Earlier in the day, our dogs were in their large enclosure, and they would not stop barking. Last time this happened, a large bull snake had decided their hay bed was a nice cool place to spend the day. Chris emerged from his shop, and I from the house, as we walked to their yard to determine what was agitating them. As we approached, we heard a rattle. If you have never heard this sound, it is pretty unusual, and unique to the species that claims it. I am small, and I am just as afraid of you as you are of me! Please give me space to determine my next move! There s/he was, curled up in Peanut’s hay bed, eyes bright, rattle erect and vibrating. We released the dogs to relocate to the house, and I spent a moment communicating to the snake that it needed to find another place to hang out. An hour later, I checked and it was gone. Later that evening, I believe it was the same creature who met me in the garden.
This morning, Peanut was again uneasy. Chris walked around the corner of the house and came upon the rattler and a mouse, clinging to the rock wall above it. We had been setting traps and checking all the minute places where rodents might gain access to the inner walls of the house in exactly this corner. Nature knows we abhor killing when there are other options, and now this. I don’t believe I am imagining that the snake appeared as our rodent trap, providing her/him food whilst eliminating some of our rodent issues. Last year, we had rodents chewing wires under the hoods of our vehicles. A prairie rattler, same variety as the one I speak of here, took up residence under a pile of stacked lumber.
I know some might fear snakes, spiders, jellyfish, whatever. All I am asking is that people explore the origin of these fears, and consider the options of peaceful coexistence on a planet already in crisis due to the care-less actions of our species. In the immortal words of Rodney King, “Can’t we all just get along?”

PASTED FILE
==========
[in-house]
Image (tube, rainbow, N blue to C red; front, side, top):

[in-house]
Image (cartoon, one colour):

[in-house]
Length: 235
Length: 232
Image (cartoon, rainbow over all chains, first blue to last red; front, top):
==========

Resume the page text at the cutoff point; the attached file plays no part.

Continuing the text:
From the dark ocean to the lighter skies of New Mexico, Mother Earth remains my focus, my love, my joy;
It took awhile to learn different soils, rich loam to clay and sand, mysterious deep sea waters to high altitude desert, cradled by Ponderosa and piñon forests, and yes, a river runs through it, though not like it used to, this is dry country, interspersed by monsoon rains, brittle brown landscape highlighted with hues of verdant green now looking more like New England in the summer as I plant, now trees, shrubs, now a greenhouse garden so that we might sustain ourselves on bitter greens throughout long cold winters;
A friend I met years ago in Hawai’i told me, upon discovering our intent to move from the islands to the Southwest years ago and sensing my distress at not being on or near big bodies of water for the first time in my life, don’t worry! In New Mexico, the ocean is the sky! And how that comes to be true, I cannot begin to convey; more and different varieties of clouds than anywhere I have been, sweeping and sliding through crystal azure heavens, and even in midwinter as temps dip down below freezing night and morning, at mid-day under the brilliance of stark sunlight, it is easy to peel back the layers and work in shirt sleeves;
And if I have learned nothing else in this blessed life, it is that, given time, any place putting me close to the ground of this alluring planet is sacred, and if its spirit has been damaged, it takes little time and care to reveal its essence, once again.
Have you ever heard something fall under water, the dull scrape of a fishing weight onto granite rock, the drag, fisherman on the surface, oblivious to you hiding, suspended alongside dull mossy green bass, still and not struggling between crevasses of boulders, tumbled by time into that glacial abyss; now tugging his thin nylon line free, only to break calm waters to cast again, this time perhaps successfully;